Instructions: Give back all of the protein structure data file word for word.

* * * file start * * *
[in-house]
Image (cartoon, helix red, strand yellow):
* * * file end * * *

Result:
[in-house]
Image (cartoon, helix red, strand yellow):